How it works: The teacher displays the question prominently for all to consider. Each corner of the classroom is assigned one claim, also prominently displayed. Students are asked to go to the corner of the classroom that has the claim they agree with most. If they think more than one answer is correct, they should just pick one of the corners they agree with. If they don’t agree with any claims, they should go to the middle of the room. Once in their corners, students should discuss with others why they chose that corner to help clarify their thinking. Have them share and record evidence that supports that claim and why the other claims are not supported. Optional: have them visit the other corners to see what others thought about the ideas and the evidence they put forth. 

Post-It Parade

Students are provided with a question or prompt for which they need to generate ideas, solutions, etc. Give each student a few post-its, and have them write 1 idea per post-it. Students post on the board or wall, in logical groupings where possible.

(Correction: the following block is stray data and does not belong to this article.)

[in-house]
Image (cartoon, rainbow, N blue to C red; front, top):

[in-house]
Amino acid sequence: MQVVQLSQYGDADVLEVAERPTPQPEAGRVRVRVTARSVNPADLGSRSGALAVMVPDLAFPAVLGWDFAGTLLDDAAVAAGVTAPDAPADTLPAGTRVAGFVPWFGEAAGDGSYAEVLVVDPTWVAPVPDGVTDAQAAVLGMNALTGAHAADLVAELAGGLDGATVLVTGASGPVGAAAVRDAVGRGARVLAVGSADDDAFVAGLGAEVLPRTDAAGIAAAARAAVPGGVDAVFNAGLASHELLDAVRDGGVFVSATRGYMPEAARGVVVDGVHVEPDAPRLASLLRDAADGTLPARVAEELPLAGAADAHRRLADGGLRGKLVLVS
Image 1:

Drawing Concepts

Ask students to draw a picture, graphic, or chart of a concept from the lecture, using no words but illustrating comprehension.

 

Debate

 

 

In these types of activities, lower levels of Blooms Taxonomy (level Remember to level Apply) are practiced. 

Socratic Questioning

Instead of lectures, ask students questions about the content  in a way that guides the conversation toward desired learning outcome.  

Video Commentaries / Animated Narratives

Students talk through a completed whiteboard exercise on video; or record the

process and flow by assembling still shots made during the session into a video,

then narrate.

Social Annotation of Text

Break students into groups of 3-4.  Select a text for the groups to annotate.  Select a platform for performing the social annotation, such as https://web.hypothes.is 

Have at least one student from each group bring a computer to class (ideally, all students would have access to a computer). In small groups, have students annotate the text. Encourage them to reply to each other’s posts as well.